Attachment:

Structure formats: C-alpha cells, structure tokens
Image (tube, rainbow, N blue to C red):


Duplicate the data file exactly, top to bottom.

Structure formats: C-alpha cells, structure tokens
Image (tube, rainbow, N blue to C red):